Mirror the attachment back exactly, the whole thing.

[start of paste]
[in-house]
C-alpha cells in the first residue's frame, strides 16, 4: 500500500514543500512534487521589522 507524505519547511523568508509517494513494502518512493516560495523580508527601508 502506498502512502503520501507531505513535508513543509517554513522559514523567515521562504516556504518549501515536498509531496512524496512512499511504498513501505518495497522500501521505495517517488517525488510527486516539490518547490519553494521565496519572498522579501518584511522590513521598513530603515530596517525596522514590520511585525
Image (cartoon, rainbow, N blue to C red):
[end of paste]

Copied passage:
[in-house]
C-alpha cells in the first residue's frame, strides 16, 4: 500500500514543500512534487521589522 507524505519547511523568508509517494513494502518512493516560495523580508527601508 502506498502512502503520501507531505513535508513543509517554513522559514523567515521562504516556504518549501515536498509531496512524496512512499511504498513501505518495497522500501521505495517517488517525488510527486516539490518547490519553494521565496519572498522579501518584511522590513521598513530603515530596517525596522514590520511585525
Image (cartoon, rainbow, N blue to C red):